The HOTOL project traces its roots to 1982 when an experienced rocketry engineer named Alan Bond began researching a new airbreathing rocket engine. Patented in 1983, Bond's concept was intended to solve a major hurdle faced by those trying to develop SSTO vehicles. The design of such craft has always been hampered by the need to carry all of the propellant, both fuel and oxidizer, aboard the vehicle. This requirement makes the craft very large and heavy. As a result, most designers have chosen to use staged rockets that can dispose of excess weight as the vehicle ascends into orbit.
Bond's idea was to reduce the initial size of the craft by eliminating the need to carry any oxidizer aboard the vehicle for the early portions of flight. Instead, his engines would take in oxygen from the external atmosphere, mix it with liquid hydrogen carried aboard the vehicle, and burn the mixture to generate thrust similarly to a conventional jet engine. Bond's engine would function in this manner until the vehicle reached a speed of Mach 5.5. At this point, the craft would be at such a high altitude that the air would be too thin to supply oxygen for the engines. The remainder of the flight would instead be completed by mixing the liquid hydrogen with a supply of liquid oxygen carried aboard the vehicle, and the engines would switch to operating like conventional rockets.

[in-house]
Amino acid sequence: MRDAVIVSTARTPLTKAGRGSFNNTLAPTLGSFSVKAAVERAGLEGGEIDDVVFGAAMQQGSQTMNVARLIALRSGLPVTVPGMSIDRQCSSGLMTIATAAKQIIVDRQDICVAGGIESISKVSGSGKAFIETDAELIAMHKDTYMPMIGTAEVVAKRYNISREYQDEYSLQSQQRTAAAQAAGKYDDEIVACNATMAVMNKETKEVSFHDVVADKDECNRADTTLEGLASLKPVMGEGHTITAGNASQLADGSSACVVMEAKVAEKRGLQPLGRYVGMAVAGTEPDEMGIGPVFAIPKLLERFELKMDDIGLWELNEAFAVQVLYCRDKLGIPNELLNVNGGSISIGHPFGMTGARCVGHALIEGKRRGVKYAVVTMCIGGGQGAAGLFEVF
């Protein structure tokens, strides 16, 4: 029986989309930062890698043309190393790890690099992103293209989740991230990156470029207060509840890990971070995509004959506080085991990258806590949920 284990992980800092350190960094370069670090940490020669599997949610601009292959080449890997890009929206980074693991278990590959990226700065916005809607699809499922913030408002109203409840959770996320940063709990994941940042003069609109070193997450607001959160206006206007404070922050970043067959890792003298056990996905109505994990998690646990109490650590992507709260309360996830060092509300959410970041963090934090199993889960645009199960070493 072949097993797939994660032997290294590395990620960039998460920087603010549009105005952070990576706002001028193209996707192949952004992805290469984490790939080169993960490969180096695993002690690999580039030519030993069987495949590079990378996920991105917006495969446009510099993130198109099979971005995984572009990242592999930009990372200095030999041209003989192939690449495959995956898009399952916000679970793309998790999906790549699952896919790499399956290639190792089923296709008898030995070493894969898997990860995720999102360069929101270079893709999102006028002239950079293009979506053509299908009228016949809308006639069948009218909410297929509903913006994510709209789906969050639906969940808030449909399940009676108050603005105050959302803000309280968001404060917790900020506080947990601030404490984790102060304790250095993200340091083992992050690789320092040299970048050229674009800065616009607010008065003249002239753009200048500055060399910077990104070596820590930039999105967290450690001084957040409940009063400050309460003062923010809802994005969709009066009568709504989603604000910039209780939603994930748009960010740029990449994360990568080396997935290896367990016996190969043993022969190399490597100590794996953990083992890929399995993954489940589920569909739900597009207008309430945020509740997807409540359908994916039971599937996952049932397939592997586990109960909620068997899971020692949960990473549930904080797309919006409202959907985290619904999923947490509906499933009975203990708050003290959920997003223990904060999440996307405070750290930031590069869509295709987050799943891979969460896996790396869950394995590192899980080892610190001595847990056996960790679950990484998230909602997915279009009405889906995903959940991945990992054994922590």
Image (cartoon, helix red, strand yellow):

Around the time Bond was finalizing his engine design, Robert Parkinson of British Aerospace (BAe) was also conducting a study of a reusable launch vehicle. The matching of Bond's engine with the launch vehicle proved an attractive concept. Rolls Royce bought rights to Bond's engine, now dubbed the RB545, and joined with BAe to launch the HOTOL project in 1985. HOTOL became an official national program in 1986 when the UK government pledged £2 million for a two-year proof-of-concept study.